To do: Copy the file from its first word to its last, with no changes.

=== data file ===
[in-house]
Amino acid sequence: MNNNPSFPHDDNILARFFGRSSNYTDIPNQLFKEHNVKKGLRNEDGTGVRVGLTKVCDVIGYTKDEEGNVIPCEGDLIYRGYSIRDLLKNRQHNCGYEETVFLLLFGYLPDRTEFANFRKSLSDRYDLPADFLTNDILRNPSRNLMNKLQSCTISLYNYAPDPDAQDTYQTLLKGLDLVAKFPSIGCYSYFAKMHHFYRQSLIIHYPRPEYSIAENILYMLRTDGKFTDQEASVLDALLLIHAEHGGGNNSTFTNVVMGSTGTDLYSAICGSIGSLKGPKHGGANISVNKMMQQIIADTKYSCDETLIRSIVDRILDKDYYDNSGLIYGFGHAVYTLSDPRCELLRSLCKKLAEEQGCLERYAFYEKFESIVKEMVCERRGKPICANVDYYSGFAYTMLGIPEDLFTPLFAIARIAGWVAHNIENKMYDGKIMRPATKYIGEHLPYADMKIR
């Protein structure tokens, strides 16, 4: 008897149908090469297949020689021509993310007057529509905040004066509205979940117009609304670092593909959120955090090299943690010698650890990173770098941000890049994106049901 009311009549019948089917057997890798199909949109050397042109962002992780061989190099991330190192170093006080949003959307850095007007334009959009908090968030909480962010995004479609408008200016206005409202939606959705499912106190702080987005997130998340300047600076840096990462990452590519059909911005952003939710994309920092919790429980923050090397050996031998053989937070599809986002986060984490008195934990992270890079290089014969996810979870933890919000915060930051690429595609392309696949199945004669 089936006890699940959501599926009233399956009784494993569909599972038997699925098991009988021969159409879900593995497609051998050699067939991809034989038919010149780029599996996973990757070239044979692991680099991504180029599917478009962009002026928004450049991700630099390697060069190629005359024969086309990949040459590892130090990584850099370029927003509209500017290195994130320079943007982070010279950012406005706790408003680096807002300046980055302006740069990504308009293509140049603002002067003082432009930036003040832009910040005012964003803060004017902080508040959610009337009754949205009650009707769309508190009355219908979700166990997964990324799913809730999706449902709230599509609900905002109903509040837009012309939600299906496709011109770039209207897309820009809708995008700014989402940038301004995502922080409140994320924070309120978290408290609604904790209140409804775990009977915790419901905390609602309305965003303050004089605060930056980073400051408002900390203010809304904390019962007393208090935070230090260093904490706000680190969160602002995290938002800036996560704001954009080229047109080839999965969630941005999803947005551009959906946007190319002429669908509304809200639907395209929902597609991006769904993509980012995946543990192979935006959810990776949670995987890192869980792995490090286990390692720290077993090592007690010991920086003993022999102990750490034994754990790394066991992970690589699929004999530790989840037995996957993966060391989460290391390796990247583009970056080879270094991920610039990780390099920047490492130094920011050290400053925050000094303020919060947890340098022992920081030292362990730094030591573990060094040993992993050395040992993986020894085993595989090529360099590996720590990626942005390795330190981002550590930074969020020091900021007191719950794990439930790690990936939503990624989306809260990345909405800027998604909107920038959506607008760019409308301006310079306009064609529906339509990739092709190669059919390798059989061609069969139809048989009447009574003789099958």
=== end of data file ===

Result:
[in-house]
Amino acid sequence: MNNNPSFPHDDNILARFFGRSSNYTDIPNQLFKEHNVKKGLRNEDGTGVRVGLTKVCDVIGYTKDEEGNVIPCEGDLIYRGYSIRDLLKNRQHNCGYEETVFLLLFGYLPDRTEFANFRKSLSDRYDLPADFLTNDILRNPSRNLMNKLQSCTISLYNYAPDPDAQDTYQTLLKGLDLVAKFPSIGCYSYFAKMHHFYRQSLIIHYPRPEYSIAENILYMLRTDGKFTDQEASVLDALLLIHAEHGGGNNSTFTNVVMGSTGTDLYSAICGSIGSLKGPKHGGANISVNKMMQQIIADTKYSCDETLIRSIVDRILDKDYYDNSGLIYGFGHAVYTLSDPRCELLRSLCKKLAEEQGCLERYAFYEKFESIVKEMVCERRGKPICANVDYYSGFAYTMLGIPEDLFTPLFAIARIAGWVAHNIENKMYDGKIMRPATKYIGEHLPYADMKIR
């Protein structure tokens, strides 16, 4: 008897149908090469297949020689021509993310007057529509905040004066509205979940117009609304670092593909959120955090090299943690010698650890990173770098941000890049994106049901 009311009549019948089917057997890798199909949109050397042109962002992780061989190099991330190192170093006080949003959307850095007007334009959009908090968030909480962010995004479609408008200016206005409202939606959705499912106190702080987005997130998340300047600076840096990462990452590519059909911005952003939710994309920092919790429980923050090397050996031998053989937070599809986002986060984490008195934990992270890079290089014969996810979870933890919000915060930051690429595609392309696949199945004669 089936006890699940959501599926009233399956009784494993569909599972038997699925098991009988021969159409879900593995497609051998050699067939991809034989038919010149780029599996996973990757070239044979692991680099991504180029599917478009962009002026928004450049991700630099390697060069190629005359024969086309990949040459590892130090990584850099370029927003509209500017290195994130320079943007982070010279950012406005706790408003680096807002300046980055302006740069990504308009293509140049603002002067003082432009930036003040832009910040005012964003803060004017902080508040959610009337009754949205009650009707769309508190009355219908979700166990997964990324799913809730999706449902709230599509609900905002109903509040837009012309939600299906496709011109770039209207897309820009809708995008700014989402940038301004995502922080409140994320924070309120978290408290609604904790209140409804775990009977915790419901905390609602309305965003303050004089605060930056980073400051408002900390203010809304904390019962007393208090935070230090260093904490706000680190969160602002995290938002800036996560704001954009080229047109080839999965969630941005999803947005551009959906946007190319002429669908509304809200639907395209929902597609991006769904993509980012995946543990192979935006959810990776949670995987890192869980792995490090286990390692720290077993090592007690010991920086003993022999102990750490034994754990790394066991992970690589699929004999530790989840037995996957993966060391989460290391390796990247583009970056080879270094991920610039990780390099920047490492130094920011050290400053925050000094303020919060947890340098022992920081030292362990730094030591573990060094040993992993050395040992993986020894085993595989090529360099590996720590990626942005390795330190981002550590930074969020020091900021007191719950794990439930790690990936939503990624989306809260990345909405800027998604909107920038959506607008760019409308301006310079306009064609529906339509990739092709190669059919390798059989061609069969139809048989009447009574003789099958």